The police, in a statement, further cautioned that the law on the of publication of false information, including prophecies that have the tendency to cause fear and panic or put people’s lives in danger, is not limited to 31st December only but should be adhered to on a daily basis.
The police, however, reiterated that the law is not against religious practices or the performance of religious doctrines and beliefs such as prophecies.
“However, if such information is communicated publicly and undermine the laws of the state, the relevant laws and sanctions will be applied,” the law enforcement agency said in its statement.
The police commended religious groups, in particular, and the public, for their general support and understanding of their proactive policing initiative on the communication of prophecies and related matters prior to the 31st December celebrations.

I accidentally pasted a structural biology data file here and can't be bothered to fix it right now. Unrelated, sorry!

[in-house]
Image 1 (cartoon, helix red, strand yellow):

Due to this directive, the usual doomsday predictions by self-styled prophets were largely missing during the New Year’s Eve watch-night services across the country.
Some pastors known for their 31st-night doomsday predictions like Rev Owusu Bempah, Nigel Gaisie, Badu Kobi, Elisha Salifu Amoako among others, have, however, described the IGP’s caution as an attack on the church.
They said the IGP needed to be educated on the work of prophets.